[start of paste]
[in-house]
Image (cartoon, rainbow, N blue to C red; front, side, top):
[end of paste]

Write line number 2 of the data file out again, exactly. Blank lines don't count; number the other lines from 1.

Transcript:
Image (cartoon, rainbow, N blue to C red; front, side, top):